Last Wednesday, an avalanche hit an Indian army base in Kashmir, burying 10 soldiers under 30 feet of ice and snow, the Wall Street Journal reports. Five days later, one soldier was miraculously found alive. The base—nearly 20,000 feet above sea level—was struck after a 320,000-square-foot chunk of ice broke off the Siachen glacier, according to the Times of India. India's defense minister called it an "unpredictable show of strength by nature." More than 150 soldiers, along with two dogs and radar and snow-cutting equipment, responded to the area near India's border with China to search for the missing soldiers. They were slowed by blizzards and high winds. But on Monday, Lance Naik Hanamanthappa Koppad was found "dehydrated, hypothermic, hypoxic, hypoglycemic, and in shock"—but alive.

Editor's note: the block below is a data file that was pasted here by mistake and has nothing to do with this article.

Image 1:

Koppad is currently in critical condition at a hospital in Delhi. “We hope the miracle continues," the Journal quotes a lieutenant general with the Indian army. "He is expected to have a stormy course in the next 24 to 48 hours due to the complications caused by re-warming and establishment of blood flow to the cold parts of the body," the army said in a statement picked up by the Washington Post. The search team also recovered the bodies of the nine other soldiers. UPI notes the glacier—called the "world's highest battlefield"—is claimed by both Pakistan and India. Hundreds of soldiers have died on the glacier, where temperatures can drop as low as -60 Fahrenheit. Four soldiers were killed in another avalanche just last month. (Another avalanche last week proved deadly for skiers.)